Hauling kayaks

That evening, as we sit around cooking and eating, John relates the “parable of the bommie:” The story of a young kayaker trashed by a surprise wave near Green Island on the south coast. We all sit around in hushed silence like kindergarten kids at story time. How many of us think “that could be me?”

The pod waiting for a signal from John

Day 2: Bawley to Murramurang

It is a morning when a competent kayaker should be able to get off the beach without getting their hair wet, yet, when I go to launch, my boat gets pushed sideways, and the rip current starts sucking me towards a rock reef. I have to power out without regard to the oncoming waves and take one full in the chest.

Another bruiser on a cruiser trip

We paddle south with a good tail wind even this early in the morning passing Bawley Point and down to Brush Island where we paddle between the island and the mainland. All the times I've paddled this coast and we always go inside Brush Island. I need to go back and paddle around the eastern side.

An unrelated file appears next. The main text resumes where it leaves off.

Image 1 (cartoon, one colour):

As we approach Kioloa, Belowla Island resolves itself into an island distinct from the mainland. Mindful of the parable of the bommie, I give a wide berth to the sloping rock platforms of Snapper Point and O'Hara Head. Sometimes these platforms break further out than expected. Just past Dawsons Islands, John paddles into Snake Bay which frequently offers a surprisingly sheltered landing site, although the beach is very small. We have a short break here with Durras Mountain looming above.

Snake Bay

This is my favourite section of the coast. Mostly national park with only a couple of small settlements; it is a green coastline, small rocky bays and tiny sandy beaches overhung by gorgeous spotted gums. There are half a dozen little islands, hidden beaches, and sheltered landing spots if you know where to look. There is an influx of tourists over the summer months, but for most of the year, and especially in winter, it is gloriously empty.

Leaving Snake Bay

From Snake Bay we paddle south in a brisk northerly wind. Point Upright is impressive as always and we are ripping along surfing down wind waves with puffed out sails. Durras North almost always has a sheltered landing and we are stopping here for lunch. As usual, there is a little traffic jam as 9 kayaks surf into the beach and I somehow get caught on a curling wave behind Karen.